Roosevelters Speak Out on Campus Racial Justice Movement

Andrew Lindsay, Roosevelt Institute Emerging Fellow for Equal Justice and student at Amherst College:

For many students of color across the country, it is not uncommon to feel naked and constantly exposed to the elements. Subtle erasures of our bodies, slight yet sharp jabs from the ignorant, interrogations of whether or not we are deserving, a continuous feeling of homelessness—“Are you sure this space is really mine?” we ask. “They tell me that it is, but I feel so uncomfortable.”

These erasures can feel like the loss of a home to natural disaster, and as with an earthquake or hurricane, it’s hard to place blame. Individual losses hurt, but we are expected to be tough and weather those storms. But collective ones, the catastrophic disasters, are especially difficult to cope with. With each threat to students of color, each minority faculty or staff firing, there is an intense feeling of loss—a void that feels almost impossibly difficult to fill.

Right now, students of color and their allies are coming together to press for substantive demands in order to create safer and more equal spaces on their campuses. These students are no longer excusing systemic oppression on campuses that pride themselves on diversity yet maintain hostile living and learning environments for racial minorities. The old rules for how students of color lived and learned on campuses are obsolete. Students are rewriting the rules for how they are seen, both on their campuses and in the world at large. We at Roosevelt support students inside our network and out striving to create more egalitarian spaces.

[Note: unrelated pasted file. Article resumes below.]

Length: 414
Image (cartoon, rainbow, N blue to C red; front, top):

Marissa Charlemagne, head of Roosevelt @ Goucher College: 

As I scroll through my social media and see my friends post statuses and photos standing in solidarity with the Black students at the University of Missouri, and my peers celebrate Black beauty by wearing all-black clothing for #BlackOutDay, I feel as if I’m in an old movie from the civil rights era. But while my white friends have the ability to remove the black clothes, the cloth and all that comes with it will never come off me, and I never want to.

Students should not be afraid to go to classes. It is not the 1950s; we are in the 21st century, and Black students at Missouri, Yale, Howard, and across the nation are still getting death threats, scared to leave their rooms, all because of the color of their skin. Seven percent of students at Missouri are Black and only 3.25 percent of the full-time faculty is Black. This lack of diversity reflects the university’s lack of commitment to fostering a community that respects and cares about Blackness.

To those in Missouri: I do not stand in solidarity with you because I feel for your struggle; I stand in solidarity with you because I too experience your struggle as a Black student. But prayer is not enough. Organizing has been the answer, and it will continue to get the results we need. We demand better, we refuse to deal with anti-Blackness, and we expect institutional change by any means necessary.